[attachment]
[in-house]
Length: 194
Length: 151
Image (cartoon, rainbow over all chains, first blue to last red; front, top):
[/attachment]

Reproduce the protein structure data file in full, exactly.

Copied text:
[in-house]
Length: 194
Length: 151
Image (cartoon, rainbow over all chains, first blue to last red; front, top):